The share price of global medical products and technologies company Convatec (LSE: CTEC) declined by as much as 30% on Monday following a profit warning. Of course, it is not the first stock to experience significant falls in its share price due to disappointing financial performance. FTSE 100-listed Centrica’s (LSE: CNA) share price has declined by 60% in the last five years.
Looking ahead, further volatility could be on the cards for both stocks. At the same time though, they may now offer wider margins of safety and could therefore provide more compelling investment potential for the long term.
Convatec’s profit warning was due to a change in inventory policy by the biggest customer in its Infusion Devices franchise. This is expected to have a material negative impact on revenue in the fourth quarter of the year of $18m-$23m. The company also experienced challenging market dynamics in specific markets in its Advanced Wound Care segment which contributed to a difficult period for the business. As such, it now expects full-year organic revenue growth of between 0% and 1%. This is down from previous guidance of between 2.5% and 3%.
Alongside a profit warning, the company also announced that its CEO, Paul Maroviec, has decided to retire. He has stepped down as CEO with immediate effect and will be replaced on an interim basis by Rick Anderson, who is currently a non-executive director of the company.
Convatec is clearly in an uncertain period at the present time. Volatility could continue and investor sentiment may remain weak in the near term. However, with what seems to be a sound overall business, its prospects for a long-term recovery seem to be bright.
As mentioned, the Centrica share price has endured a challenging period in recent years. The company has experienced a mix of internal and external challenges that have combined to produce a disappointing performance for its investors. For example, it has suffered from a weak outlook for the oil and gas industry in recent years, while its decision to pivot towards domestic energy supply has caused investors to become concerned about regulatory and political risk to a greater extent.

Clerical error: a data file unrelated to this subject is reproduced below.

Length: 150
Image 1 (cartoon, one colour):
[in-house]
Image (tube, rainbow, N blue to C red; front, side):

Looking ahead, the company’s shares could become more popular if the world economy experiences a difficult period. They may provide a degree of defensive appeal for investors who are looking for companies which have lower correlation to the performance of the wider economy. Its dividend yield currently stands at 8%, and while it is covered just 1.1 times by profit, the company’s declining bottom line of recent years is due to come to an end in the current year.
Clearly, Centrica’s share price decline could continue in the near term. However, with what seems to be a sound strategy to improve its efficiency, the company could prove to be a sound turnaround opportunity over the coming years.
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Peter Stephens owns shares of Centrica. The Motley Fool UK has no position in any of the shares mentioned. Views expressed on the companies mentioned in this article are those of the writer and therefore may differ from the official recommendations we make in our subscription services such as Share Advisor, Hidden Winners and Pro. Here at The Motley Fool we believe that considering a diverse range of insights makes us better investors.